NEW YORK (TheStreet) -- Shares of Smith & Wesson (SWHC) were moving between gains and losses in after-hours trading on Thursday after the company posted better-than-expected results for the 2017 fiscal first quarter.
After today's market close, the Springfield, MA-based manufacturer of firearms reported earnings of 62 cents per diluted share, surpassing analysts' estimates of 53 cents per share.
Revenue spiked 40.1% to $207 million year-over-year and was above Wall Street's projections of $198 million.
"Strong gross margins in the quarter were driven by several factors, including increased production volumes in the firearms segment. Operating cash flow was positive at $38.1 million despite our seasonal inventory build as we prepare for the upcoming fall hunting and holiday shopping seasons," CFO Jeffrey Buchanan said in a statement.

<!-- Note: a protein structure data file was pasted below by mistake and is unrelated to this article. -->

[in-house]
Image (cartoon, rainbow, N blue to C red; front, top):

For the fiscal second quarter, Smith & Wesson sees earnings per share between 53 cents and 57 cents on revenue of $220 million to $230 million. Analysts are modeling earnings of 35 cents per share on revenue of $165 million for the current period.
Full-year adjusted earnings per share are expected to range between $2.38 and $2.48 on revenue of $900 million to $920 million. Analysts are looking for revenue of $1.92 per share on revenue of $777 million for fiscal 2017.
More than 3.97 million of the company's shares traded today compared to its average 30-day volume of 1.5 million shares per day.
Separately, TheStreet Ratings Team has a "Buy" rating with a score of A- on the stock.
The company's strengths can be seen in multiple areas, such as its robust revenue growth, largely solid financial position with reasonable debt levels by most measures, solid stock price performance, impressive record of earnings per share growth and compelling growth in net income.
Recently, TheStreet Ratings objectively rated this stock according to its "risk-adjusted" total return prospect over a 12-month investment horizon. Not based on the news in any given day, the rating may differ from Jim Cramer's view or that of this articles's author.
You can view the full analysis from the report here: SWHC